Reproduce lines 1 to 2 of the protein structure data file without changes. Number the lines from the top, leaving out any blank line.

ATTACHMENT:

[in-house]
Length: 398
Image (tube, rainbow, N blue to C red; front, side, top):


[in-house]
Length: 398